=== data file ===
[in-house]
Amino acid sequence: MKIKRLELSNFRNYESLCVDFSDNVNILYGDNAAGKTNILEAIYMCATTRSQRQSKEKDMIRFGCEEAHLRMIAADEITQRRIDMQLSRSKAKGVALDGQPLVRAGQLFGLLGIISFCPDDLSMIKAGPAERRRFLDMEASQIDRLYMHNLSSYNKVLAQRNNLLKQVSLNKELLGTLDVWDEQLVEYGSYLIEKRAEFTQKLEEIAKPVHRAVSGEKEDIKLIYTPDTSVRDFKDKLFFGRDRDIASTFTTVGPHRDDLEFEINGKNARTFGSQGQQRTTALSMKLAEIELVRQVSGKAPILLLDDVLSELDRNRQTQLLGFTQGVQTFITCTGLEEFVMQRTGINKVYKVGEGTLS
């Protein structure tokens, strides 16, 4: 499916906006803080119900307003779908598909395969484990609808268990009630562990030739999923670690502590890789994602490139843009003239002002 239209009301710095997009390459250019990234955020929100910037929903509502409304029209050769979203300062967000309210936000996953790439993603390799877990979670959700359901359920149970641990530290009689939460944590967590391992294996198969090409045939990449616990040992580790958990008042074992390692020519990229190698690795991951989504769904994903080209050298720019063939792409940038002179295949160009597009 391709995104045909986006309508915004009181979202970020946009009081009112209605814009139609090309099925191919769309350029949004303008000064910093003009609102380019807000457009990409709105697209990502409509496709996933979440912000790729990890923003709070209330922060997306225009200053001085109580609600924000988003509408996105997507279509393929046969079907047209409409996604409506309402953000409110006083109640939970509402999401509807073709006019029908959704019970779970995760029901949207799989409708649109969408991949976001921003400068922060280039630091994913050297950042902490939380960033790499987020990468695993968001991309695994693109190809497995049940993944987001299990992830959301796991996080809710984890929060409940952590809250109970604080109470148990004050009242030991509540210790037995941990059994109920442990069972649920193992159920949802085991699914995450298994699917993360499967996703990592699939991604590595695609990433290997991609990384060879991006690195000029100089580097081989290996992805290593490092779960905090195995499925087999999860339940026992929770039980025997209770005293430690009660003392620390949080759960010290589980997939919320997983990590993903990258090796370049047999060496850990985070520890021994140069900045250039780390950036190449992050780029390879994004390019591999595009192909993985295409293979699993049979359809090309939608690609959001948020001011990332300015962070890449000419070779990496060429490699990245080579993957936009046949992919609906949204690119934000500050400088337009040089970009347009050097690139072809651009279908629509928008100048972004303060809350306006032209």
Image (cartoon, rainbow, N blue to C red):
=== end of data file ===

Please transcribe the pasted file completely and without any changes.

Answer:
[in-house]
Amino acid sequence: MKIKRLELSNFRNYESLCVDFSDNVNILYGDNAAGKTNILEAIYMCATTRSQRQSKEKDMIRFGCEEAHLRMIAADEITQRRIDMQLSRSKAKGVALDGQPLVRAGQLFGLLGIISFCPDDLSMIKAGPAERRRFLDMEASQIDRLYMHNLSSYNKVLAQRNNLLKQVSLNKELLGTLDVWDEQLVEYGSYLIEKRAEFTQKLEEIAKPVHRAVSGEKEDIKLIYTPDTSVRDFKDKLFFGRDRDIASTFTTVGPHRDDLEFEINGKNARTFGSQGQQRTTALSMKLAEIELVRQVSGKAPILLLDDVLSELDRNRQTQLLGFTQGVQTFITCTGLEEFVMQRTGINKVYKVGEGTLS
């Protein structure tokens, strides 16, 4: 499916906006803080119900307003779908598909395969484990609808268990009630562990030739999923670690502590890789994602490139843009003239002002 239209009301710095997009390459250019990234955020929100910037929903509502409304029209050769979203300062967000309210936000996953790439993603390799877990979670959700359901359920149970641990530290009689939460944590967590391992294996198969090409045939990449616990040992580790958990008042074992390692020519990229190698690795991951989504769904994903080209050298720019063939792409940038002179295949160009597009 391709995104045909986006309508915004009181979202970020946009009081009112209605814009139609090309099925191919769309350029949004303008000064910093003009609102380019807000457009990409709105697209990502409509496709996933979440912000790729990890923003709070209330922060997306225009200053001085109580609600924000988003509408996105997507279509393929046969079907047209409409996604409506309402953000409110006083109640939970509402999401509807073709006019029908959704019970779970995760029901949207799989409708649109969408991949976001921003400068922060280039630091994913050297950042902490939380960033790499987020990468695993968001991309695994693109190809497995049940993944987001299990992830959301796991996080809710984890929060409940952590809250109970604080109470148990004050009242030991509540210790037995941990059994109920442990069972649920193992159920949802085991699914995450298994699917993360499967996703990592699939991604590595695609990433290997991609990384060879991006690195000029100089580097081989290996992805290593490092779960905090195995499925087999999860339940026992929770039980025997209770005293430690009660003392620390949080759960010290589980997939919320997983990590993903990258090796370049047999060496850990985070520890021994140069900045250039780390950036190449992050780029390879994004390019591999595009192909993985295409293979699993049979359809090309939608690609959001948020001011990332300015962070890449000419070779990496060429490699990245080579993957936009046949992919609906949204690119934000500050400088337009040089970009347009050097690139072809651009279908629509928008100048972004303060809350306006032209």
Image (cartoon, rainbow, N blue to C red):